Krishna Janmashtami

Whether it is gopalkala, Singhare ki poori, or seedai  at home or raas leela, dhandiya or dahi handi at a public gathering, huge rangoli or footprints of baby Krishna are made at the entrance of houses. All of these represent the joy of people all over the world celebrating the birth of their beloved Lord Krishna. On this auspicious day, Sri Krishna is worshipped in the form of an infant, hence the rituals are done to the infant idol. The idol is bathed at midnight, at the time where he is believed to be born and is placed in a cradle. He is then adorned with flowers, jewelry and a small “mukut” or crown. Everyone swings the cradle to the tune of bhajan’s or songs of praise.  “Naivedya” mainly butter, his favorite food from his childhood, is offered to Him and then distributed to all.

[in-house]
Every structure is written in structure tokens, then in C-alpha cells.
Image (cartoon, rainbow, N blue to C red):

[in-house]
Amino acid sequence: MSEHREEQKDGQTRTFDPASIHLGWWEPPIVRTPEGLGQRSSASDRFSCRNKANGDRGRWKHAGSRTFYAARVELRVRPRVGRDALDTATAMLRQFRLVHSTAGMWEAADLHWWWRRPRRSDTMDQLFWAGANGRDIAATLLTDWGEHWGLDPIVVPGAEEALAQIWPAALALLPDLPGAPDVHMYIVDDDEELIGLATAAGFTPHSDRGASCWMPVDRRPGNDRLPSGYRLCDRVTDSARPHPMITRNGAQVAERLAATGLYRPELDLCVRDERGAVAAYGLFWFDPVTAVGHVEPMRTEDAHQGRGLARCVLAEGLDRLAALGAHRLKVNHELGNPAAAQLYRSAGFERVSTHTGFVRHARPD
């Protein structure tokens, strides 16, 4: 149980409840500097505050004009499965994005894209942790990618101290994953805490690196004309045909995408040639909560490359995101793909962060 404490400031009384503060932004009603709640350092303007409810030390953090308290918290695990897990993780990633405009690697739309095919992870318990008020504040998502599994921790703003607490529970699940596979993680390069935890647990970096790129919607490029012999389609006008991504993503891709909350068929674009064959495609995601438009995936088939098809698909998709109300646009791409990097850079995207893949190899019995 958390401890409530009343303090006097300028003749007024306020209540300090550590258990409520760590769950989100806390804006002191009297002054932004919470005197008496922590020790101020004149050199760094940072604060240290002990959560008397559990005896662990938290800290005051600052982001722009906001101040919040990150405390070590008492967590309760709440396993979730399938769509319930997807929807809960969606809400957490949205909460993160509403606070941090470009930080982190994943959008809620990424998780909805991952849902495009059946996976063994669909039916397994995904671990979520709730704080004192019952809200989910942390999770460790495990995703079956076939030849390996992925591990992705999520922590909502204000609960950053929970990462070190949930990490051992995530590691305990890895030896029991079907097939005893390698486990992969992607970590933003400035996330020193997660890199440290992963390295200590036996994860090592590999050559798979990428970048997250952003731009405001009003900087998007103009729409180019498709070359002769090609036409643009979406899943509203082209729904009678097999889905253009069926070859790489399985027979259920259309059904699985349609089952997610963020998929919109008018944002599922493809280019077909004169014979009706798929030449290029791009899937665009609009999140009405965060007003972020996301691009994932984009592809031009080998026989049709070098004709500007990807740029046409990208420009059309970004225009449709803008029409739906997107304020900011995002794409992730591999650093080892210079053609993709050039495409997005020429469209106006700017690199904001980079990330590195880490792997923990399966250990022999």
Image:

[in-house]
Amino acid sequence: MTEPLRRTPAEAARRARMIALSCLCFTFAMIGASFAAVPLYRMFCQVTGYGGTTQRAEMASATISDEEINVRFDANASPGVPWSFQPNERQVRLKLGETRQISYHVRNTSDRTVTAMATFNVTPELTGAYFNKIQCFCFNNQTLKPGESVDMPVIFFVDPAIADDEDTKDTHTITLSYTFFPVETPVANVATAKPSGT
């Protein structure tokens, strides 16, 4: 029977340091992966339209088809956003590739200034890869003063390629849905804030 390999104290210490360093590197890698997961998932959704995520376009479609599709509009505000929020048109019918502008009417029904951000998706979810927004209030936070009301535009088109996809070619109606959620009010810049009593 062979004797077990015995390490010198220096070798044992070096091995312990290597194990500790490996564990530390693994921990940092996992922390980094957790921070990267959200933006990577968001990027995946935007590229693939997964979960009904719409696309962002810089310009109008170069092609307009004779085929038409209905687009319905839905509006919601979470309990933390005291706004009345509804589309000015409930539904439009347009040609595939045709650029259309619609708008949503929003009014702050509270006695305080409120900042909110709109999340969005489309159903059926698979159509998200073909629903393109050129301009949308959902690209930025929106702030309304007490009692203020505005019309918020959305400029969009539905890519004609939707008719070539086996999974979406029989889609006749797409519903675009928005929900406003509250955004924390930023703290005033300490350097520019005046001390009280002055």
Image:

In order to rescue the world from the evil-doer, King Kansa of Mathura, Sri Krishna, the eighth incarnation of Lord Vishnu was born. The Lord was destined to be birthed by the sister of Kansa, Devaki. In order to save the Lord, Sri Krishna’s father, Vasudev, took the infant on the very day he was born and put him in the care of his friend Nanda and his wife Yashodha at Gokul, for them to bring him up safely. They did this with complete dedication and loyalty. Krishna was a darling son to his parents, an endearing friend and comrade, a devoted disciple, a loving husband and a trusted brother. He is the incomparable hero, teacher, protector, leader, friend, guide and lover.